Poetry provided ways for both tuning one’s instrument & communicating more fully. The instrument tuned can be called, attention, awareness, the whole feeling-thinking-sharing being, or personal experience. As voice of the experience, the poem speaks to both writer & reader, while becoming an experience in its own right, an artistic adventure with all aspects of the medium potentially at play [line & layout; sound & sense; mood, color, visual image, texture & form; rhythms of movement & stillness; feelings & thought; imagination & memory…], mostly self-arising elements in response to the moving experience, guided by the attentive seeker. Seeking what? Not necessarily anything more than the openness itself, inner listening.
Picking up the pen & setting it in any motion on the page was an invitation to pay attention, like opening the door & setting out–to a process rich with active discovery, whether memorable or not, unusual or not, intentionally focused or to discover the path more or less step by step. Many writers have noted that it was only by writing that they knew what they thought. For Virginia, thought might not be what others think thought means.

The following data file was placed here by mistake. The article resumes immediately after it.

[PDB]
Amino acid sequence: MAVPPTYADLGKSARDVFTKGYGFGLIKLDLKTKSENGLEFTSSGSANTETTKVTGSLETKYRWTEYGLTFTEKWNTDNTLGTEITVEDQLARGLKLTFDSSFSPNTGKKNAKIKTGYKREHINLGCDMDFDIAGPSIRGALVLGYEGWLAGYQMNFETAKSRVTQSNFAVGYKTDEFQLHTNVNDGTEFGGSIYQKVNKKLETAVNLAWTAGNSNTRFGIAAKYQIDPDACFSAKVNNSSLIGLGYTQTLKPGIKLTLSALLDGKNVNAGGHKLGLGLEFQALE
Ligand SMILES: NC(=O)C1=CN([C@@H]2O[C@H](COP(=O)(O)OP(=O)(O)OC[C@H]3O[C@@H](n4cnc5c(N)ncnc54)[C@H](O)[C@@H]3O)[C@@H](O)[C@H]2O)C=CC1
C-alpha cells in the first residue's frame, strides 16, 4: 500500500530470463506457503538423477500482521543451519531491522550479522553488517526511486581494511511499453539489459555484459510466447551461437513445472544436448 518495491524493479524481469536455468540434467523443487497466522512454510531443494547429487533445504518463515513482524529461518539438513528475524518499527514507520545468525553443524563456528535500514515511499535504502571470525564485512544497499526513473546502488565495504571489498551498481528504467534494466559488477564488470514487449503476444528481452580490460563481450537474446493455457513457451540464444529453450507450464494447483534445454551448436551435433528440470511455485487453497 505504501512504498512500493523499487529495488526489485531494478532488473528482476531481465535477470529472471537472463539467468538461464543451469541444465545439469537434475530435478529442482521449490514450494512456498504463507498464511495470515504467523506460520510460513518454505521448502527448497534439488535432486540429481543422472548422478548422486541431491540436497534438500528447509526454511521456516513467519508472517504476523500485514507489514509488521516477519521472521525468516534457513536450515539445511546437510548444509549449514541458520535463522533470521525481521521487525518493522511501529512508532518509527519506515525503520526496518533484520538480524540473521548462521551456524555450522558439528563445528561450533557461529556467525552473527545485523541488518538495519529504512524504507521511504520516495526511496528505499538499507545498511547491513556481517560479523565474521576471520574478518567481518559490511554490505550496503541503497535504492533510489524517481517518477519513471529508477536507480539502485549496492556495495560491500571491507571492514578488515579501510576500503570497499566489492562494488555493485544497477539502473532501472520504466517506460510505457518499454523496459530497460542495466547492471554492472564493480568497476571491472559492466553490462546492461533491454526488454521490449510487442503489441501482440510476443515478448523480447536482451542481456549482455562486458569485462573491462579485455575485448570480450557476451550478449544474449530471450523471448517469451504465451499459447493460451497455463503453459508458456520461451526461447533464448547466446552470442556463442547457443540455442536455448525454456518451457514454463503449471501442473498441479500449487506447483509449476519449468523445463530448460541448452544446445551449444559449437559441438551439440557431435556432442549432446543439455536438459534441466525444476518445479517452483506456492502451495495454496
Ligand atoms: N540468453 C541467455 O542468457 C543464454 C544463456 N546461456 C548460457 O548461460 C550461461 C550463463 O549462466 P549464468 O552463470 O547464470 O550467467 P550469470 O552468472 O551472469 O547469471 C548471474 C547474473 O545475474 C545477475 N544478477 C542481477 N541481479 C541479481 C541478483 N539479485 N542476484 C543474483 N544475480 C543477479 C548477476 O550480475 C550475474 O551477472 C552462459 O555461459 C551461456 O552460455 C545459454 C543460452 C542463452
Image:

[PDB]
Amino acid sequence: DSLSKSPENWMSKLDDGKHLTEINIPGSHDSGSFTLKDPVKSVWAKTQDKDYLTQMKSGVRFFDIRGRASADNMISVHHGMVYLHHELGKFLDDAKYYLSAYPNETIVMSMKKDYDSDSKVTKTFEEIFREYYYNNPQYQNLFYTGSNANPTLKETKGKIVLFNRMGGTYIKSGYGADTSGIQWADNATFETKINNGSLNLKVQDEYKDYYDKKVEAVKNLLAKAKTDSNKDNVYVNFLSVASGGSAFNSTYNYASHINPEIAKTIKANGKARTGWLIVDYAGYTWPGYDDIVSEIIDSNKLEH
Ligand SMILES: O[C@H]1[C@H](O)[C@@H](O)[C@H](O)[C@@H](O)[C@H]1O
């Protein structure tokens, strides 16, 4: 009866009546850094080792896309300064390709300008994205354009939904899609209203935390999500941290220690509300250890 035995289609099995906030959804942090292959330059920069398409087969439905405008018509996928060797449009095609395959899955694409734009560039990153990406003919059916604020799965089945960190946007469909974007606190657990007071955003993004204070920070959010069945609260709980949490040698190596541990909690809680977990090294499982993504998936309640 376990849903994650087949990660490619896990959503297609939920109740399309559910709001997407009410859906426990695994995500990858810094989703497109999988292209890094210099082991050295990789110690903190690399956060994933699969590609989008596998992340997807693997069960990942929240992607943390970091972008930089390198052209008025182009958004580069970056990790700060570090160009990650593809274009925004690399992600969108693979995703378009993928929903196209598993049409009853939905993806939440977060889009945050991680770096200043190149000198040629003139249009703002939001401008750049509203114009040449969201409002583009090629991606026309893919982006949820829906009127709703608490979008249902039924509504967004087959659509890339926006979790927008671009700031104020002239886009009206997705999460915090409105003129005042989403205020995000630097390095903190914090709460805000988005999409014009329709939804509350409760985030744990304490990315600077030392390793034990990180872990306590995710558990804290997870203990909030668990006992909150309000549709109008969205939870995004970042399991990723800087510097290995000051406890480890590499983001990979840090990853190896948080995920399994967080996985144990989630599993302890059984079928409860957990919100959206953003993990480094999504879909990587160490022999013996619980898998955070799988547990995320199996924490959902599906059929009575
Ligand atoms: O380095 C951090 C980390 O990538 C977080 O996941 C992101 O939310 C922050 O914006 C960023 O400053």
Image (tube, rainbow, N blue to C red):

At Inspiration, for example, the family’s one-room refuge in the northern New Mexico mountains, each visit involved a log-book entry. Hers were often a shining moment or two, images arising from the land tuned into, saying more than the words–with nothing extra or commentary. (There are lots of these entries on the Pen-Play page.) Unlike some loggers, she rarely spoke about her feelings or about what she’d noticed or thought, presenting these in the snapped moment, feelings embodied not objectified.
Now it’s we who get to make discoveries, including the excitement of finding a major poetic voice fully worth wider attention in its own right, for its own value to those who may appreciate such. Reinforced by the growing body of work, that discovery takes place in particulars–line, perception, craft, concept & experience of each part & whole.